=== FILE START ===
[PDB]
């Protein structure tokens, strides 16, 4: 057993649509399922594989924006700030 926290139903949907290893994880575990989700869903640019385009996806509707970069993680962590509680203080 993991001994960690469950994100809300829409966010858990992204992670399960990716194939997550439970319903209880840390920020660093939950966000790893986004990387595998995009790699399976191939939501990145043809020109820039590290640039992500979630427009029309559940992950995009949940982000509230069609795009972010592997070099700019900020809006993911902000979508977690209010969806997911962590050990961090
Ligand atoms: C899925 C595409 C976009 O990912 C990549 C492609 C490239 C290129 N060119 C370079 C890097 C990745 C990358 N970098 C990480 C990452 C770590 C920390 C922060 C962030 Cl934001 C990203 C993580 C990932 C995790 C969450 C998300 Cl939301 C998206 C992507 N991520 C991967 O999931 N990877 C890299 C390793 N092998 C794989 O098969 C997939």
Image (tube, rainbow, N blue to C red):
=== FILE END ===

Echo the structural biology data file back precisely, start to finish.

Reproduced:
[PDB]
């Protein structure tokens, strides 16, 4: 057993649509399922594989924006700030 926290139903949907290893994880575990989700869903640019385009996806509707970069993680962590509680203080 993991001994960690469950994100809300829409966010858990992204992670399960990716194939997550439970319903209880840390920020660093939950966000790893986004990387595998995009790699399976191939939501990145043809020109820039590290640039992500979630427009029309559940992950995009949940982000509230069609795009972010592997070099700019900020809006993911902000979508977690209010969806997911962590050990961090
Ligand atoms: C899925 C595409 C976009 O990912 C990549 C492609 C490239 C290129 N060119 C370079 C890097 C990745 C990358 N970098 C990480 C990452 C770590 C920390 C922060 C962030 Cl934001 C990203 C993580 C990932 C995790 C969450 C998300 Cl939301 C998206 C992507 N991520 C991967 O999931 N990877 C890299 C390793 N092998 C794989 O098969 C997939």
Image (tube, rainbow, N blue to C red):